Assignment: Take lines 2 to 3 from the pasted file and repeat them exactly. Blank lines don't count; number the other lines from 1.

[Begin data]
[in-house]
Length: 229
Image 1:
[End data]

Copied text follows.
Length: 229
Image 1: